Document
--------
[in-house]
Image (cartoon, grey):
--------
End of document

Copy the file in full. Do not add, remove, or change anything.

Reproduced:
[in-house]
Image (cartoon, grey):